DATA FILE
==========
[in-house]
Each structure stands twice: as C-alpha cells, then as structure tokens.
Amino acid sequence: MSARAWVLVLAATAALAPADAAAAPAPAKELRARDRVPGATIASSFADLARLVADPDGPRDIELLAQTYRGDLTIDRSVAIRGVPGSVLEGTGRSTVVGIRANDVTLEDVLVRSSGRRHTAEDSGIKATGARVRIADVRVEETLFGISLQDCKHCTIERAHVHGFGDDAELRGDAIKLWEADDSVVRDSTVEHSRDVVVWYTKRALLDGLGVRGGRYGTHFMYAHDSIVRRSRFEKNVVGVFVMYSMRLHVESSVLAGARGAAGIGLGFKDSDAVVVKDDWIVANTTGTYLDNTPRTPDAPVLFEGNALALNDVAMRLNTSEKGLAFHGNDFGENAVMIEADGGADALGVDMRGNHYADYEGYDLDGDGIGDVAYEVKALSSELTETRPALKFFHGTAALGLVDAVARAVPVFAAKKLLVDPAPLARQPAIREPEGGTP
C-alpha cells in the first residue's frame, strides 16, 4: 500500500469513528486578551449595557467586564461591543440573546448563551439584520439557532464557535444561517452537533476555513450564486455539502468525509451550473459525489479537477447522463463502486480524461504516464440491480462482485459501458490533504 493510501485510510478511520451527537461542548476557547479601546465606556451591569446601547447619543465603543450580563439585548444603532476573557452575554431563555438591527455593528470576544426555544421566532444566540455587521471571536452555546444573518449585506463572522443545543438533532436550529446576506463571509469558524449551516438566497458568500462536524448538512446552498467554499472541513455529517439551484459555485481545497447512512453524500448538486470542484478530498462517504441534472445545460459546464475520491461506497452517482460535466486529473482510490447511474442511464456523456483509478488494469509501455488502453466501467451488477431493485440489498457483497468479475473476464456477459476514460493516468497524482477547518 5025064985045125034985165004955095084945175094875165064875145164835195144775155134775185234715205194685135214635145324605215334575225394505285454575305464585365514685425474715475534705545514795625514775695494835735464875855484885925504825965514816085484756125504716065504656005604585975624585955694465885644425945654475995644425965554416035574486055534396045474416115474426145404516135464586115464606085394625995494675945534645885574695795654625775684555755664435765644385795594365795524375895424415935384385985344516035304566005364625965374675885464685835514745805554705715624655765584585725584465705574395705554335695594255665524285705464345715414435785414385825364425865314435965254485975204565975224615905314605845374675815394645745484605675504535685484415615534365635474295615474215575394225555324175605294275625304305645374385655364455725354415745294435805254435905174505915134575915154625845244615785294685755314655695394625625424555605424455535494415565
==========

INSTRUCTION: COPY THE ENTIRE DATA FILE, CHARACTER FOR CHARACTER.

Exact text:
[in-house]
Each structure stands twice: as C-alpha cells, then as structure tokens.
Amino acid sequence: MSARAWVLVLAATAALAPADAAAAPAPAKELRARDRVPGATIASSFADLARLVADPDGPRDIELLAQTYRGDLTIDRSVAIRGVPGSVLEGTGRSTVVGIRANDVTLEDVLVRSSGRRHTAEDSGIKATGARVRIADVRVEETLFGISLQDCKHCTIERAHVHGFGDDAELRGDAIKLWEADDSVVRDSTVEHSRDVVVWYTKRALLDGLGVRGGRYGTHFMYAHDSIVRRSRFEKNVVGVFVMYSMRLHVESSVLAGARGAAGIGLGFKDSDAVVVKDDWIVANTTGTYLDNTPRTPDAPVLFEGNALALNDVAMRLNTSEKGLAFHGNDFGENAVMIEADGGADALGVDMRGNHYADYEGYDLDGDGIGDVAYEVKALSSELTETRPALKFFHGTAALGLVDAVARAVPVFAAKKLLVDPAPLARQPAIREPEGGTP
C-alpha cells in the first residue's frame, strides 16, 4: 500500500469513528486578551449595557467586564461591543440573546448563551439584520439557532464557535444561517452537533476555513450564486455539502468525509451550473459525489479537477447522463463502486480524461504516464440491480462482485459501458490533504 493510501485510510478511520451527537461542548476557547479601546465606556451591569446601547447619543465603543450580563439585548444603532476573557452575554431563555438591527455593528470576544426555544421566532444566540455587521471571536452555546444573518449585506463572522443545543438533532436550529446576506463571509469558524449551516438566497458568500462536524448538512446552498467554499472541513455529517439551484459555485481545497447512512453524500448538486470542484478530498462517504441534472445545460459546464475520491461506497452517482460535466486529473482510490447511474442511464456523456483509478488494469509501455488502453466501467451488477431493485440489498457483497468479475473476464456477459476514460493516468497524482477547518 5025064985045125034985165004955095084945175094875165064875145164835195144775155134775185234715205194685135214635145324605215334575225394505285454575305464585365514685425474715475534705545514795625514775695494835735464875855484885925504825965514816085484756125504716065504656005604585975624585955694465885644425945654475995644425965554416035574486055534396045474416115474426145404516135464586115464606085394625995494675945534645885574695795654625775684555755664435765644385795594365795524375895424415935384385985344516035304566005364625965374675885464685835514745805554705715624655765584585725584465705574395705554335695594255665524285705464345715414435785414385825364425865314435965254485975204565975224615905314605845374675815394645745484605675504535685484415615534365635474295615474215575394225555324175605294275625304305645374385655364455725354415745294435805254435905174505915134575915154625845244615785294685755314655695394625625424555605424455535494415565